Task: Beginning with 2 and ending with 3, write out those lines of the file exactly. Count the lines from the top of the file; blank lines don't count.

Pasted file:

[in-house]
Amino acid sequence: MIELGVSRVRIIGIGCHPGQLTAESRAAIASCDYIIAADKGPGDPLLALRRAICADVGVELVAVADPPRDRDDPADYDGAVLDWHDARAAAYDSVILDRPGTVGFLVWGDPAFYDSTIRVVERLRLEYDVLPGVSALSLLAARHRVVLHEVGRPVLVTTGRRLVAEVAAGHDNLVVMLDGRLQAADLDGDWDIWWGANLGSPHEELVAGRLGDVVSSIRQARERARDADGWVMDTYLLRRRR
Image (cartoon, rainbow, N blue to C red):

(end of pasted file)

Amino acid sequence: MIELGVSRVRIIGIGCHPGQLTAESRAAIASCDYIIAADKGPGDPLLALRRAICADVGVELVAVADPPRDRDDPADYDGAVLDWHDARAAAYDSVILDRPGTVGFLVWGDPAFYDSTIRVVERLRLEYDVLPGVSALSLLAARHRVVLHEVGRPVLVTTGRRLVAEVAAGHDNLVVMLDGRLQAADLDGDWDIWWGANLGSPHEELVAGRLGDVVSSIRQARERARDADGWVMDTYLLRRRR
Image (cartoon, rainbow, N blue to C red):